For years now there has been talk of doing something with the derelict community space in the Christodora House on Avenue B.
There were plans 10 years ago to turn the space into residential units, but the Christodora House board reportedly eventually withdrew the application to receive a zoning variance. (The pool, gym and other adjacent rooms are zoned for community use.)
In any event, the gym and pool area arrived for sale yesterday at Massey Knakal. Here is the listing:
Located on the northeast corner of Avenue B and East 9th Street, the subject property consists of 2 community facility condominium units located on the ground floor and lower level of 143 Avenue B a/k/a the Christodora House. The ground floor unit was a former gymnasium with ceiling heights of approximately 22'. There is a small outdoor terrace to the north and two doors on East 9th Street that have been boarded up. Both doors could be reopened and collectively serve as an exclusive entrance for the two units. The lower level is a former pool and could either be put to use or filled in for an alternative use. The two units have a 501C filing status (Not-for-profit) and are therefore restricted to community facility use only. The building sits directly across from Tompkins Square Park and adjacent to the former Public School 64 which closed a number of years ago and is currently being converted into a mixed-purpose building including dormitories for the Joffrey Ballet School and Cooper Union.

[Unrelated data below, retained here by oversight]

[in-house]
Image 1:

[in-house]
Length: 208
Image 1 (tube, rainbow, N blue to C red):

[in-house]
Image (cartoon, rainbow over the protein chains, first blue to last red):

Price: $2.5 million.
For starters, the former PS 64 and CHARAS/El Bohio community center is NOT "currently being converted into a mixed-purpose building." That is developer Gregg Singer's wish. The city has yet to approve any of those plans.
As for the gym and pool…
Here is the pool as it looked in 1928 … via the Collections of the Museum of the City of New York.
… and here are photos that we happened to have of the pool and gym taken much more recently…
Scoopy at The Villager got a look at pool back in 2008. Here's part of his description: "It was 8 feet deep at one end and sloped up from the center to a shallow depth at the other end. From the looks of it, it hadn’t been used for 50 years."